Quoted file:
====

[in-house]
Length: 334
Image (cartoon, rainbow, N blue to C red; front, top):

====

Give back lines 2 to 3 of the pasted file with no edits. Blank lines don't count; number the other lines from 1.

Length: 334
Image (cartoon, rainbow, N blue to C red; front, top):